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Yesterday I went to Steve and Cindy's wedding in the beautiful Wente Vineyards, famous for exceptional whites. Their Chardonnay was tasty, without any of the acrid pepper in other places we've been to. Our table was all red wine drinkers, and we were all impressed (the champagne was good too).

Being a guest at a wedding of our peers was so different than our own wedding, and I enjoyed it enormously. There is an aspect of surprise and drama in someone else's wedding that you don't get when you plan and obssess over yours months on end. Steve and Cindy are an odd couple, their personalities seemingly worlds apart. But Steve, although a focused, deconstructive mind who absorbs technicalities and figures unlike any person I know, has a special ability. He's an incredibly fast learner. And though I remember he was loath to discuss the word "marriage" a few years ago, he mastered this new skill as quickly as he mastered programming and art.

A relationship, which is just a game, is tough to master, even impossible for some. But I think you get better with it with practice. I think, win or lose though, what matters is you play your best, you learn some skills, and if you fail… well round two is just around the corner. Looks, money, fancy cars, education, all that matters, as life is as much an itemized treadmill as WoW. But in the end, it's a numbers game. The more you play, the better your chances, and the more skillfully you play, the more chances you get. If you couldn't jump over the sonic boom, you'd have stopped putting quarters in. Guys know what I mean.

Do you think that would apply to The Act, a interative cartoon game where the gameplay is as simple as applying the right amount of "charm" in the right context with a twist of a knob? It wouldn't surprise me at all. Art, after all, imitates the game of life even when we don't realize life is a game.

Recently, Xstine (who found a new job at Activision as a leading artist :hat: ) and I have had way too much gaming to cram into way too little time. At the moment, I'm juggling Super Paper Mario, Marvel Ultimate Alliance, WoW, Neverwinter Nights 2, and Guitar Hero II all in the same time-space continuum. I've devised a macro-recording system to help me farm gold in WoW, something my honorable early-WoW self would have disapproved, scripts of repentance in hand. Today, I've learned to play for fun. I'm so glad to be out of those medieval times of dark, virtual chivalry. Now I see the rest of the players as what they are… a bunch of fucking kids.

I like kids, don't get me wrong. I just can't play online RPGs with them, where any second their mom may tell them to get off the computer, even as we stand before the climatic last boss of a dungeon that took two hours to traverse. I will be sure to learn my child some manners; they should at leaast apologise before just disconnecting into the void.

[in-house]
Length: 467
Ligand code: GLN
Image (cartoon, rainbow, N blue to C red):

However, what really threw off my gaming rhythm was this gem of concentrated addiction: Desktop Tower Defense. The way TD-style gameplay delivers an IV drip of satisfyingly explodable monsters and perfectly timed upgrades. You feel compelled consume sequential waves of baddies with your arsenal, and even as you play you see what you will do different next time. The wholly deterministic tower placement makes efficiency so tantalizingly attainable before the edifice of your strategy falls apart. The genre is incredibly organic. I think the carrot it dangles was bought at Whole Foods.

So 300 was amazing. The story and dialogue was predictably trite, but the shots were absolutely stunning, especially the long fight sequence in the first battle. Xstine went nuts over the painterly aspect of several shots, the ones that gave an illusion of no perspective points. I loved the claustrophobic set, complete with static props and painted backdrops.

The cherry topping it all was the total lack of political correctness. Asia! These terrorists are from ASIA! Promise! The film vomits patriotism, and makes no excuse for the need of violence to resolve all problems. While the speeches get long in the tooth, it provided ample ampules of adrenaline. So caricatured and comic it was that I don't seen how there can be a hang-up. I'm just surprised as an liberal an industry as Hollywood even let it reach the public.

As if timed by Zeus himself, God of War 2 comes out this week. Today in fact. In fact I don't know why I'm writing this and not picking up my pre-order from the store. I even prepared myself for this release by playing Golden Axe for the first time in a decade. I'm still a badass with the dwarf. While the AI is terrible, the game is still somehow fun, thanks to the visceral and unashamed action. Kinda like 300.

One last thing to check out is this jaw-dropping but heart-warming new game from the creators of Rag-doll Kung Fu. Most surprisingly, it's coming out for the PS3, not the Wii. While Sony's hodge-podge embrace of card-carrying "indie" developers hasn't impressed me yet, this one looks far more substantial than a Flash in the cell like Flow. Keep this up, and I might actually want a PS3. Provided it plays well. User-created content spawns more paupers than princes, and I've grown out of sandbox-style games. They're usually nothing but ludologized technology, and technology grows wearisome. Hurrah for LittleBigPlanet.